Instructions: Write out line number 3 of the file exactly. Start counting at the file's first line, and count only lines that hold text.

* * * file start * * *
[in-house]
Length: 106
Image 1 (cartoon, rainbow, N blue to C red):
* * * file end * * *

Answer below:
Image 1 (cartoon, rainbow, N blue to C red):